Subsequently, it’s the relationship and juxtaposition between Jim and Mike that feels more compelling than the one between Doug and Mike. Jim mercilessly bullies Mike but the tech wizard is able to briefly hold his ground, insisting that if they are to work together, they should never lie to one another. Of course, Jim lies immediately by agreeing to that. But as the narrative progresses, we see how incompatible these two are. Culminating in a sea of panic, lies and subterfuge following the announcement of the iPhone. And one of the ways this is really showcased, is through Jay McCarrol’s score. It’s often tense and ominous, and the only cessation we’re offered is a playful digital ballet when Mike is on a roll either in a meeting room or hunched over multiple deconstructed electronic devices. But, that light almost fun energy in the score is completely subdued to the point of being non existent once Mike full transitions into the co-CEO that Jim has sculpted him to be.
Despite being a compellingly made drama, there are a few elements that knock it down somewhat. Most notably, the audience is never given significant insight into the people at the centre of this story. Instead, we’re kept at arm’s length. To explain, the central trio are the most important part of the movie. The assumption that this is a movie about the technical innovations and wonders of the Blackberry itself would be a misunderstanding. But if it’s truly about the dynamic, the impact and the lives these individuals carve out, you’d expect more insight into their inner workings. Regrettably, the film doesn’t slow down to explore these moments, leaving the lead characters as fairly unexplored entities. Sure, we can see the actions and consequences but not the motivations. There’s a handful of nods to them but without taking the time to process the ‘why’ of it all, we’re just left with cause and effect.
Overall, Blackberry is one of those independent features that will no doubt become a cult hit among film fans. A piece passed around as an example of acting prowess and what can be accomplished on a (comparatively) minute budget – in this case $5 million. More than that, it’s also a snapshot of a very specific period of time and style of business operation that is still having ramifications today, and as such is absolutely worth your time.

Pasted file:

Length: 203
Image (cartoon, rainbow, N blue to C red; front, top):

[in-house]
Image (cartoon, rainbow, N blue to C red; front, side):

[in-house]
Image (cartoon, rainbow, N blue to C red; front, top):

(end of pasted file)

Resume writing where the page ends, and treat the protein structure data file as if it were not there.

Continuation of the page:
06 October 2023
The Scene To Look Out For:
Fairly early on in the movie, Jim forces Mike to create a working prototype of his concept overnight. It’s crude and rudimentary but it’s enough to demonstrate the possibilities. This rough-and-ready device is then taken to the Bell Atlantic office in New York where both characters are laid bare. On the one hand we see Jim’s ability to improvise (where ‘improvise’ read ‘bullshit’) and command a room. And on the other, we see Mike’s passion and understanding for the tech, illustrating that he is in fact a thoroughly capable and insightful individual. He merely lacks the presentation skills to sell it.
Both Baruchel and Howerton are magnificent in this film. More than that, they are playing to their strengths perfectly: Baruchel gets to channel his subdued dorky presentation, as well as ramping up to plenty of frenetic outbursts. Whereas Howerton gets to unleash the entire spectrum of unhinged that he has cultivated over the years on It’s Always Sunny In Philadelphia. And seeing them square up is wonderful.
“You have a collect call from “What the fuck is going on!?” will you accept the charges?”
In A Few Words:
“An outwardly unassuming biopic that doubles as an incredibly compelling and well-performed cautionary tale of hubris.”
Total Score: 4/5